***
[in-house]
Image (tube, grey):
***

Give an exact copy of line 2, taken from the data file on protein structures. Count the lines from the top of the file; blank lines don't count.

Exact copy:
Image (tube, grey):